If you’re flexible, you can snag deals on airfare, hotels, and events.
If all the pre-Olympic hype has you wishing you could jump on a plane to Rio, there’s still time to cobble together a trip that won’t break the bank. We know, because we tried it.
This story originally appeared on money.com.
To really take advantage of last-minute savings, skip the opening ceremony and book a trip to coincide with the second week of the games, with a few extra days on the back end to explore Rio de Janeiro.While travel to an event as major as the Olympics can be tricky, if you’re flexible you can land a great deal—especially given all the concerns about the Zika virus and Rio’s readiness to host the games.
Over the past year, flight search site Skyscanner has seen a 200 percent increase in bookings from the U.S. to Rio during the period that coincides with the Olympics, with the cost of a round-trip ticket averaging $1,577. The cheapest fares, sold during the month of January, averaged around $1,200. Last-minute tickets purchased during the past month have tracked about 40 percent more expensive, averaging $1,700 round-trip from U.S. cities.
But with the event spanning 17 days, finding the best deals now comes down to timing. The peak travel days for flights are August 3-5, Skyscanner reports, with most U.S. travelers spending 7 to 10 days in Rio. So if you’re willing to wait a bit, you can find flights under $1,000.
“Reviewing current live ticket pricing, it looks that ticket costs are better priced if you arrive closer to the end of the Olympics and stay in Rio for a week or so after,” says Skyscanner spokesman Randi Wolfson.
In fact, round-trip tickets for flights departing Miami and Orlando for Rio the week of August 15 can be found for around $700. Flights from Los Angeles leaving August 17 and returning August 29 cost about $740, while ticket from Washington’s Reagan National Airport can be had for approximately $760. (These are live pricing options and may change. If using Skyscanner, check out the month view to find the best possible deal.)
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Cheap Ways to Stay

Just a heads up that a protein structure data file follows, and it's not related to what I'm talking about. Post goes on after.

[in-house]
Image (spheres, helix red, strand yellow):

During the opening weekend of the Olympics, a hotel room will set you back $286 on average, according to travel planning and booking site TripAdvisor. There are still about 50 hotels with availability for this weekend, the site reported.
Like flights, hotel rooms are also substantially cheaper during the second week of the games. And hotels are only one lodging option. If you’re just looking for a place to sleep, Rio has dozens of hostels. The budget-minded traveler can pick up a bed in a mixed dormitory-style setting at CabanaCopa Hostel for as little as $20 a night the week of Aug. 15.
Airbnb, the “official alternative accommodations” of the 2016 Olympics, is another option. Just days before the opening ceremony, Airbnb still listed rooms for $30 to $50 a night during the second half of the games.
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Getting In on the Action
Of course, airfare and lodging are only worth it if you get to see the actual events in person, right? Official tickets are still available through CoSport for about two dozen sports, including popular events like swimming, gymnastics, volleyball, and soccer. However, many of the tickets left are higher-end and can set you back $250 to $400 per event. Tickets to the closing ceremony are also still on sale, starting at just over $300.
Online ticket resale sites like StubHub can offer better deals. For example, this week Stubhub offered tickets to volleyball and basketball starting at $95. (StubHub and several other resale sites are a safe bet than buying from scalpers because they offer a money-back guarantee that tickets sold on the site are valid.)
Getting to and from the various event venues is fairly inexpensive as well. The city is offering visitors a special Olympic Card, which allows unlimited access to the city’s buses, trains and the subway. A daily pass will set you back about $7.65, while a seven-day pass costs about $50.